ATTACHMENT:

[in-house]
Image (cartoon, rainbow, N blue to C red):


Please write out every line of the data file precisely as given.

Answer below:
[in-house]
Image (cartoon, rainbow, N blue to C red):